Thousands of Iranians rallied outside the former U.S. Embassy in Tehran Wednesday to mark 30 years since Iranian students took over the compound and held dozens of Americans hostage. Opposition supporters also briefly staged their own protests.
Witnesses said authorities used batons and tear gas to break up the anti-government protests, which had been called to coincide with the state-sanctioned rallies, reported the Associated Press. Members of the foreign media were only allowed to cover the state-sanctioned rallies outside the former American Embassy in the country’s capital.
Iran’s Revolutionary Guard Corps had warned the opposition not to try to hijack an annual anti-U.S. rally to revive protests against the clerical establishment after June’s disputed presidential election, Reuters reported.
“Police clashed with hundreds of protesters. They were chanting: ‘Death to dictators’. Police used batons to disperse them,” a witness said. People usually chant “Death to America” and “Death to Israel” at the annual state-organized rally.
Clashes were reported in several places in Tehran’s city center and in Shiraz, a city 420 miles south of the capital.
Motorcycles belonging to a military organization also prevented Mir Hossein Mousavi, the main opposition leader, from leaving his office, reported a Web site affiliated with Mousavi, called Kaleme.org, according to the Washington Post.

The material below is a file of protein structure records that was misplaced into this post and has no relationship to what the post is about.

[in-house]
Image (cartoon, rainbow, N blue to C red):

Mousavi has charged massive fraud in the June 12 vote in which President Mahmoud Ahmadinejad was re-elected in a landslide. Wednesday’s anti-government protests were reportedly smaller than similar demonstrations staged in September.
In Washington, President Obama issued a statement describing the 444 days that 52 Americans were “unjustly held hostage” at the embassy, as setting Iran and the United States on a “path of sustained suspicion, mistrust and confrontation.”
“It is time for the Iranian government to decide whether it wants to focus on the past, or whether it will make the choices that will open the door to greater opportunity, prosperity and justice for its people,” he said. (Full statement)
Editor Kelly Niknejad of the Tehran Bureau, a joint project with Frontline, said most members of the opposition are seeking changes to civil liberties, while a small number want the government overturned, and are using establish dates on the Islamic calendar to voice their discontent.
“They were saying, ‘Obama, Obama, you’re either with us or with them.’ They were saying, ‘Death to the supreme leader, death to the dictator’,” during the protests, she said.
Hear Niknejad’s full interview here: